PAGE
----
Like any drum corps, Mandarins’ mission statement acts as a guiding light.
The Sacramento-based organizations’ goal is simple, in all of its endeavors — to “transform lives through performing arts."
Many of those lives, of course, have been high school and college students performing and participating in the summer drum corps experience. But nothing says they have to be; Mandarins’ mission, in essence, extends far beyond the tour buses and football fields of the annual Drum Corps International Tour.
As such the Sacramento corps sees its entire community as one that can be served with the life-enriching benefits of music and performance. It’s those values that inspired a recent partnership between the Mandarins Music Academy and the Elk Grove Unified School District (EGUSD) to put band programs into more than 40 elementary schools.
“This is our connection back to the community,” Mandarins executive advisor Jim Tabuchi said. “This is our home base. So, a huge part of it has been to come back and reconnect with our community in a really big way, and also to support music, education, performing arts, and transform lots of lives through this program.”
Mandarins Music Academy has existed since 2016, with the aim of bringing and developing musical skills within the members of the community following the ratification of California’s Proposition 13, which, according to Tabuchi, led to the elimination of a variety of extracurricular programs in California schools.
At its outset, the program was serving just one elementary school with 11 students, but has grown over the years to ultimately reach the point of being able to serve the entirety of EGUSD, the largest school district in northern California.
“It's quite a large scale we're operating at,” said Ryan Lee, assistant program director of the Mandarins Music Academy. “And we're experimenting with a lot of onboarding and recruiting applications coming in. And then, after further training and development, all the classes will take place either right before school in the mornings, or right after school when they get out, so it's outside of school hours.”
The “how” is simple, at its core.
Mandarins Music Academy is currently in the process of recruiting and hiring qualified music educators who want to give back to their local community with the gift of music.
With the support of EGUSD and its individual schools, those individuals — referred to as “music directors” and overseen by “music advisors” — will develop band programs within the schools themselves.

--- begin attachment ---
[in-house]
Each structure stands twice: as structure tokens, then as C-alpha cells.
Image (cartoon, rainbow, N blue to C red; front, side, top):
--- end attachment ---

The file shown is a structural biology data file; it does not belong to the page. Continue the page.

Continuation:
“If you look at teaching at 42 elementary schools, we're likely going to need about 25 or more music directors,” Tabuchi said. “And so right now it's about recruiting and getting them trained up.”
In the past as well, participants in Mandarins Music Academy have had to pay a small fee in order to take part.
Thanks to the program’s partnership with the school district itself — which, according to Tabuchi, features a variety of schools ranging from those in affluent neighborhoods to those with Title 1 distinction — student participation will be largely free of cost.
“Through this partnership with the district, it won't be pay-to-play at all,” he said. “And there will be very minimal — if any at all — cost to the students and the families.”
Due in large part to a strong and longstanding partnership with KHS America — the parent organization of Jupiter, Mapex and Majestic — the Mandarins are also able to supply loaner instruments to the students.
“We just found a real kinship and partnership with KHS,” Tabuchi said. “What we found is, you know, their business is not just about the numbers — and of course, they have to make a great business for themselves, but we really felt that kinship in the heart, which is what we're all about.”
Ultimately, Mandarins partnership with EGUSD wasn’t developed in direct hopes of generating future recruitment or buzz for Mandarins as a performing ensemble; at its core, it’s about supporting music in the community.
But there’s certainly something to be said for the investment to be made in music at the elementary level and its long-term rippling impact on all things music and performance — in the Sacramento community, in the Mandarins, in drum corps and beyond.
“We probably can't imagine fully where this is going to go,” Tabuchi said. “There's just going to be a buzz, there's going to be a music buzz that happens that hasn't necessarily been here … They're going to catch the bug, they're going to be a musician within our band programs, they're going to come and watch our drum corps show. They're going to get inspired.”
And ultimately, knowing that elementary school is where most musicians started their musical “career,” those involved with Mandarins and Mandarins Music Academy are excited to start hundreds of young students on that same life-changing journey.
“Had it not been for elementary music education, I may not have marched in the Mandarins and be where I am now a couple years later,” Lee said. “It all goes back to that music education at the elementary school level. It’s just very inspiring and exciting.”